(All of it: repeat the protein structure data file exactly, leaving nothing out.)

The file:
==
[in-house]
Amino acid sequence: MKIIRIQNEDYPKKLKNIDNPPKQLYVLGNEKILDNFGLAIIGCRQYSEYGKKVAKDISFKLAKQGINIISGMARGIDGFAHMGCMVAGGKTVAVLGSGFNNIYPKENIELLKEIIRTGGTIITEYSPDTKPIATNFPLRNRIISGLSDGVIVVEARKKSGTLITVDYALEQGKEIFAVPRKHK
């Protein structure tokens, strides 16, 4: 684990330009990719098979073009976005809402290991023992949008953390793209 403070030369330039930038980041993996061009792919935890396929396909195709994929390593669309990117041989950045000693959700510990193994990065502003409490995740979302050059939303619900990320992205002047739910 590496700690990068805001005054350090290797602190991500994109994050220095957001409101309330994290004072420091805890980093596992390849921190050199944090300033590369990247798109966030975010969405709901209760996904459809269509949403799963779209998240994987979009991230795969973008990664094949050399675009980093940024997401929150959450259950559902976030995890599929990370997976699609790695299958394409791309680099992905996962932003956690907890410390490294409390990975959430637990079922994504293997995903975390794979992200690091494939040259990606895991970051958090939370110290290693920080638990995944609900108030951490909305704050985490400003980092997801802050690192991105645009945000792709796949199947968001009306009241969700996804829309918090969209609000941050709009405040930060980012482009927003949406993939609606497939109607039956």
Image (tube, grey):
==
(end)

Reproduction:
[in-house]
Amino acid sequence: MKIIRIQNEDYPKKLKNIDNPPKQLYVLGNEKILDNFGLAIIGCRQYSEYGKKVAKDISFKLAKQGINIISGMARGIDGFAHMGCMVAGGKTVAVLGSGFNNIYPKENIELLKEIIRTGGTIITEYSPDTKPIATNFPLRNRIISGLSDGVIVVEARKKSGTLITVDYALEQGKEIFAVPRKHK
């Protein structure tokens, strides 16, 4: 684990330009990719098979073009976005809402290991023992949008953390793209 403070030369330039930038980041993996061009792919935890396929396909195709994929390593669309990117041989950045000693959700510990193994990065502003409490995740979302050059939303619900990320992205002047739910 590496700690990068805001005054350090290797602190991500994109994050220095957001409101309330994290004072420091805890980093596992390849921190050199944090300033590369990247798109966030975010969405709901209760996904459809269509949403799963779209998240994987979009991230795969973008990664094949050399675009980093940024997401929150959450259950559902976030995890599929990370997976699609790695299958394409791309680099992905996962932003956690907890410390490294409390990975959430637990079922994504293997995903975390794979992200690091494939040259990606895991970051958090939370110290290693920080638990995944609900108030951490909305704050985490400003980092997801802050690192991105645009945000792709796949199947968001009306009241969700996804829309918090969209609000941050709009405040930060980012482009927003949406993939609606497939109607039956």
Image (tube, grey):